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Lessons from Debating

Things change, people change. What endures is our need to debate.

This was our mantra in the debating team back in the days (we were called the Debate Congress then). At that point, our understanding of the clauses was very simple – never waiver in your arguments because an issue can be best resolved through intelligent discourse. We were so passionate about what we were doing that we practically breathed and lived debating. We competed, won some and lost some, but it was not until after I left college that I realized fully what the words really meant.

Things change, people change. What endures is our need to debate.

It did not take long for me to learn that the number of choices one faces in school pales in comparison to the number of choices one makes in the professional world. The ones off campus are much harder to make, too. For instance, it was easier for me to pick a political color or make a stand on issues in the student government because I wasn’t writing for the school paper. It was no longer as easy when I became a journalist, especially when I was covering politics and local government. Because it was incumbent upon me to not take sides, it became difficult to express my feelings and thoughts in public, particularly if the subject I felt strongly about concerned the area I was covering.

The argument is that it should no longer be a dilemma because neutrality and objectivity are a must when one practices journalism. But, hey, whoever said journalists are devoid of emotions? As people shaped by individual set of values, we will always have personal biases. The danger becomes real the moment journalists allow their personal thoughts and feelings affect their work. Keeping the devil from emerging is a choice journalists have to make at their level.

I learned that the choices I had to make could either make or break my credibility and the trust I shared with my sources.

This is the kind of discipline I carried with me even when I left the field to concentrate on work as an editor. Because I was looking at a bigger picture, I knew that the decisions I had to arrive at in marshaling both the human and physical resources of the newsroom could either make or break a story and the news group as a whole.

The wisdom behind debating, therefore, is having clarity of thought to examine all sides of an issue to reach reasonable judgment. Making an argument, however, is the easier part. For many, the more challenging job is bringing that argument across. It always takes courage, if not guts, to bring an idea to the table, much more to convince others to accept that idea and abandon their own. The best way to do so, as what debating has taught me, is to make sure that every argument you make is supported by evidence – incontrovertible proof – so much so if the party you are trying to convince is yourself.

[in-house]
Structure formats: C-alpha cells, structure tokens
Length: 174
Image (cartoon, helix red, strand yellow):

They say that being a Sillimanian gives you a certain confidence to face the world and the tenacity to fight for your dreams. This, I believe, is true, but I also believe in another lesson I learned from debating – no one has the monopoly of knowledge. Back in the team, we kept the words of philosopher Sun Tzu in mind: 1) Never underestimate your opponent and 2) Never underestimate your opponent’s capability to underestimate you.

Debating and life outside Silliman also taught me that public speaking and leadership always go hand in hand. Effective leaders are, by themselves, effective public speakers. They are able to channel their thoughts across clearly and manage to persuade others to embrace these thoughts in the process.

Things change, people change. What endures is our need to debate.

We are lucky to be living at a time when the world is literally at our fingertips. Now, more than ever, with the advancement in technology, the challenge for rational thought has never been more daunting. Social media, for example, may have torn down the wall between people in power and ordinary citizens, but it can also be a potent channel for irresponsible behavior. The good news is that even at an individual level, with a click of a button, we have the power to help bring this generation down a responsible road. All we need to do is make the right choices.

My proposition for you, my fellow Sillimanians, is to give these lessons a chance. I hope you take the positive side.

*The author graduated from Silliman in 2001 and is a newspaper editor in Cebu City. He teaches part time in the College of Mass Communication.

Off Campus
Joeberth M. Ocao

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